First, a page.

Time dragged on as they waited for the doctor and Nan pointed out more reasons that Ellie should go back to school. Eventually, the doctor proclaimed her wrist merely sprained, but her ankle was broken. She encased it in a metal-and-neoprene boot and released Nan with a prescription for pain medication and instructions not to put weight on her foot for a week. An hour later, Ellie drove her grandmother home.
“Oh, there’s Grant,” Nan pointed out the windshield. “He cleared and salted the porch.”
Parking in the driveway, Ellie looked next door. Grant leaned on a shovel. Carson was on his back in the snow, flailing his arms and legs snow-angel style. If she’d thought Lee’s brother was handsome before, that gazillion-watt smile he flashed his nephew took him to a whole new level of sexy.
How was she going to resist him for the next three weeks? Even more important, how could she resist asking him for help? But how could she ask? She scanned the street. Just because she didn’t see anyone watching didn’t mean they weren’t there.
He rested the shovel against the house and started toward the car. AnnaBelle raced to him and spat a tennis ball at his feet. Grant scooped it off the ground and tossed it far into the backyard without missing a stride. The dog whirled and shot off in pursuit.
Grant opened Nan’s door for her. “Let me help you.”
Nan, who usually protested anyone’s help with anything, took his hand without complaint. She turned and eased her feet out of the vehicle. Grant half lifted her out of the car.
Ellie got the crutches out of the backseat and brought them around. “She’s not supposed to put any weight on that foot.”
Grant frowned at the crutches. “Those are going to be tough with a sprained wrist. How about I just pick you up again?”
“Oh, all right,” Nan said. Oh. My. God. She was simpering.
“Carson, come on over here for a minute.” Grant gently scooped Nan off her feet. “This is easier.”
Nan wrapped her arms around his shoulders. “Yes, it is.” She looked back at Ellie and winked.
With a mental groan, Ellie carried the crutches into the house behind them. Grant set Nan on the sofa in the family room. “Do you need anything else?”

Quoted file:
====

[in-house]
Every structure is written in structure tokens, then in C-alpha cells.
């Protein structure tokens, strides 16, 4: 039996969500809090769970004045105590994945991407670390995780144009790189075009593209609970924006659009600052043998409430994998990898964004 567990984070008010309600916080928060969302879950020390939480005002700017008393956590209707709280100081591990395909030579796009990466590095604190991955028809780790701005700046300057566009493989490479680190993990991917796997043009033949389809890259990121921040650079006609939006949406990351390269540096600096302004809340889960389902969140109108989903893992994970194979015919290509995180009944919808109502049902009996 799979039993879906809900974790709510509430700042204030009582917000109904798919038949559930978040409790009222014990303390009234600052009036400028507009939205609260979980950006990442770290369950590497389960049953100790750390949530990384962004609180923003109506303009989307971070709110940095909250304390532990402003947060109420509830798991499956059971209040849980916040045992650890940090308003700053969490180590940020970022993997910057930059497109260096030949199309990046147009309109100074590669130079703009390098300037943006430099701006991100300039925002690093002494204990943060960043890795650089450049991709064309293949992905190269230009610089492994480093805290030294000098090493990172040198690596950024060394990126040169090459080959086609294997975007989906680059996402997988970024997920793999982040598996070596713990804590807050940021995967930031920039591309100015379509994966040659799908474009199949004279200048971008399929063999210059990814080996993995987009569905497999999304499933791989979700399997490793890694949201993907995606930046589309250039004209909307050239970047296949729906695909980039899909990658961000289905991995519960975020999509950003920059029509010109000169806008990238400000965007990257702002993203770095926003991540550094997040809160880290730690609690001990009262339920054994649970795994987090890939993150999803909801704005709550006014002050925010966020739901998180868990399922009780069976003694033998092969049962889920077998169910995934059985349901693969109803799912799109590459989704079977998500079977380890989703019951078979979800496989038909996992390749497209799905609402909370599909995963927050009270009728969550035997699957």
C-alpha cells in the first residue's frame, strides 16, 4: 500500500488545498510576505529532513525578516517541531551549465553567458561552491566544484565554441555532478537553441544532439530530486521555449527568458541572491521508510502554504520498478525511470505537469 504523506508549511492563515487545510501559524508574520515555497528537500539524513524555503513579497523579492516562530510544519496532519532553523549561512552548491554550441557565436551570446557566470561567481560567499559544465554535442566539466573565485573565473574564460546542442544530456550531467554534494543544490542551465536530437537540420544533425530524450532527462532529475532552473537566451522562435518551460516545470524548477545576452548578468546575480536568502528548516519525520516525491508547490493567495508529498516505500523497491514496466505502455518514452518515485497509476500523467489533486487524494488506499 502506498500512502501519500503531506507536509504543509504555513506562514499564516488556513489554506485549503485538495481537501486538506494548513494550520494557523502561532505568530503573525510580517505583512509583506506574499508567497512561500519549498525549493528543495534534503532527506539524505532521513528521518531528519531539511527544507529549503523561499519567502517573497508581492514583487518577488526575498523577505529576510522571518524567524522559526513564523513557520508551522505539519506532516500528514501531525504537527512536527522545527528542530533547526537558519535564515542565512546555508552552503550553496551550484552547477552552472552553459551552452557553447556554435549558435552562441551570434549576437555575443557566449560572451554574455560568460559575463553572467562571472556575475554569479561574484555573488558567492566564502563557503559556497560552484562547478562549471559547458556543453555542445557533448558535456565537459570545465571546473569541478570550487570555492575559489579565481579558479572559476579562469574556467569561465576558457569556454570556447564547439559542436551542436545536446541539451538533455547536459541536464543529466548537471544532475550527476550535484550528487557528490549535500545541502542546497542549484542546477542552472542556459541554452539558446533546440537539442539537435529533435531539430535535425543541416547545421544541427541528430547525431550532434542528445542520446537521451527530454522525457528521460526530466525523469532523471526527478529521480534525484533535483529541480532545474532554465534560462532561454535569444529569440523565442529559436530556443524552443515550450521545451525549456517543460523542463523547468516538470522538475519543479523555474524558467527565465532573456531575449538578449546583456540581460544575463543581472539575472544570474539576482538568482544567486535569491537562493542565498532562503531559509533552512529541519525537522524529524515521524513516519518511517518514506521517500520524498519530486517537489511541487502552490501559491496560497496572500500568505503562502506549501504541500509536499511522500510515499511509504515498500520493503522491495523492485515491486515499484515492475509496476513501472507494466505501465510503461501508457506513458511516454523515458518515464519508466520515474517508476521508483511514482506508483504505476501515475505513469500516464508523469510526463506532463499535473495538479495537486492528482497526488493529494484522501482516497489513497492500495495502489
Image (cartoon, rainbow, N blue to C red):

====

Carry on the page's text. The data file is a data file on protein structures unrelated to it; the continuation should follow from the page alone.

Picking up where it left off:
“No, this is wonderful. Thank you so much.” Nan beamed at him.
“I have to go.” He smiled back. “Call me if you need anything. You have my number, right?”
“I do.” Nan nodded.
Yeah, and Ellie had Nan’s number, too.
“I have to run out, but Hannah is at the house.” Grant turned toward the hall.
Ellie walked him to the door. “Thank you again. For everything.”
Carson waited on the porch, his nose smashed against the glass pane.
“Call me if you need me. I’ll only be gone an hour or so.” Grant leaned closer and lowered his voice. His eyes went serious. “When you get a chance, we need to talk.”
Ellie nodded. “All right. I’ll come over after Julia gets home from school.”
Grant went outside, picking up his nephew and flinging him over one shoulder.
Ellie closed the door to the sound of Carson giggling.
“That is quite a man.” Nan took off her coat and handed it to Ellie.
“Mm.” Ellie made a noncommittal sound. “Let me get you an ice pack.”
“So when are you going to talk to him?”
“What, do you have supersonic hearing or something?” Ellie filled a ziplock baggie with ice and set it on her grandmother’s foot.
“Honey, when a man that handsome talks, I listen.” Nan adjusted a pillow behind her back.
“And let him carry you around?”
“You’re incorrigible.” Ellie’s quick laugh died off. Normally, Nan’s infatuation with the handsome neighbor would be amusing, but the reality of Ellie’s situation wouldn’t fade.
Nan sucked in a sharp breath. “I hate to send you out again, but would you please get my prescription filled? This is really starting to hurt.”
“Of course. I should have dropped it off on the way home. Do you want something to eat?” Ellie checked the time. Two thirty. “We missed lunch.”
“I’m not hungry.”
“OK. Will you be all right here by yourself?”
Nan held up her cell phone. “I’ll be fine. Julia will be home soon anyway.”
What did Grant need to discuss? Maybe he’d found Lee’s files.
She went out onto the front porch, rock salt crunching under her shoes. A shipping box sat on the cement. That must have been what Nan had been retrieving when she fell. Ellie brought the package inside and set it on the hall table. She slit the packing tape with scissors. An odd, raw smell rose from the opening. Ellie lifted the cardboard flaps. Inside, in a plastic bag half filled with ice, sat a red and bloody heart. A knife pierced the organ. Pinned to a board beneath the gruesome package was the enlarged, grainy photo of Julia, Taylor, and Grant that Hoodie Man had sent her earlier. Her daughter’s face was smeared with blood. Bold text printed on computer paper read: JUST SO YOU KNOW I’M SERIOUS.